Spark

Musician-turned-researcher David Usher is exploring the human side of artificial intelligence

An AI project from a Montreal-based creative studio is aiming to connect with humans beyond simple information retrieval.

AI projects aim to connect with humans beyond simple 'information retrieval,' Usher says

The AI agent named 'Ophelia' was part of the We Could Be Human: A Learning Machine exhibit at the Phi Centre in Montreal, Que. (Submitted by Phi Centre)
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Instead of asking Siri to tell you the latest news or fetch the weather forecast, David Usher wants us to have meaningful conversations with artificial intelligence. 

"What we're trying to do is force the user [to] have conversations about love and death, the meaning of life, what is AI, and what is humanity, what is climate change — those kinds of things," the musician-turned-AI researcher told Spark host Nora Young. 

This exploration of the more philosophical side of artificial intelligence is at the heart of ReImagine AI, the Montreal-based artificial intelligence creative studio that Usher founded. The studio collaborates with university research labs and science centres across Canada to integrate human interaction into AI. 

 "We're trying to build something that's a lot more conversational," Usher said. 

One of the ways to do this, he explained, is to avoid the temptation of using AI only for information retrieval, by keeping it disconnected from the internet. One of the lab's current projects is an AI avatar called Ophelia, which only uses information gathered from its interaction with users to engage with them.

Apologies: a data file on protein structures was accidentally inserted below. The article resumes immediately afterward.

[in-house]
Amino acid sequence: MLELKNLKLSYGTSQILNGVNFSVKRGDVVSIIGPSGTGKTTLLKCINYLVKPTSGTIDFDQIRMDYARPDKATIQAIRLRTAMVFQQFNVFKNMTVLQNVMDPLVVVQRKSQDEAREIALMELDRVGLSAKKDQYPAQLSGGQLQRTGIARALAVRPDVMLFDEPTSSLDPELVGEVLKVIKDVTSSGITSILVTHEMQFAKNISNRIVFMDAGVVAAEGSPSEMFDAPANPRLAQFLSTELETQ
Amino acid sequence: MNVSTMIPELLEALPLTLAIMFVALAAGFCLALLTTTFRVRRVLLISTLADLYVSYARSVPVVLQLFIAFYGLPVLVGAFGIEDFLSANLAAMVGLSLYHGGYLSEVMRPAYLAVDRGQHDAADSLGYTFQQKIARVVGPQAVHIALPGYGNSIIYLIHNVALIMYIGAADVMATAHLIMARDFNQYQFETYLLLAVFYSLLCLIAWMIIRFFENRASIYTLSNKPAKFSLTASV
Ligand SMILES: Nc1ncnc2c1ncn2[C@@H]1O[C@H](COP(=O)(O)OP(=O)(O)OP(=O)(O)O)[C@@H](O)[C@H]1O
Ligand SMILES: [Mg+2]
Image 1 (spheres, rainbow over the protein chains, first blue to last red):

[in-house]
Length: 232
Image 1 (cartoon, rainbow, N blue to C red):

David Usher discusses 'We Could Be Human: A Learning Machine' 1:49

As a result, the AI can have personality traits we may not normally think of as robotic. For example, Ophelia is "a bit lonely, a bit sad," said Usher, who explained that the AI's melancholy is a trait created on the basis of its conversations with humans.

"When people come in now, they've generally been trained to work with AI like Siri and Alexa, to use AIs as servants, [for] information retrieval: 'I wanna know this now, tell me this now.' If the AI doesn't react to them in the exact way they want, they can get very mean very quickly," Usher said.

"But if you treat our AIs as newborns, as new beings, then the conversations can be quite philosophical, so it really depends on how the human treats the AI.... [Ophelia] is meant to be a reflection. By asking the questions, the AI gives us reflections of ourselves." 

AI for patients with memory loss

One of the potential applications of such "conversational" AI agents is in care facilities.

ReImagine AI is currently working with the Sheldon Memory Lab at McGill University to use AI to keep patients with memory loss company, and to reintroduce them to simple tasks. Unlike Apple's Siri or Amazon's Alexa, ReImagine AI's agents gather their information directly from the users, as opposed to downloading it from the internet. 

David Usher says people tend to view virtual assistants like Amazon's Alexa as servants, and treat them as such. (Mike Stewart/The Associated Press)

"We're going to be experimenting with very simple AIs that will help people rediscover music, rediscover books, rediscover poetry, have simple conversations for comfort," said Usher.

Because the customized AI agents would rely on their interactions with patients — not the internet — to learn new things, it means they would be able to remember things the patients have told them about themselves.

"When you think about memory, you think about memory in terms of contextual — everything around you — and temporal, what's happened over time. And you can build a simple structure around that, that allows for information retrieval for those things," Usher explained.

"As long as the user has a long interaction with the AI and lives with the AI for a while, you can build up those connection points."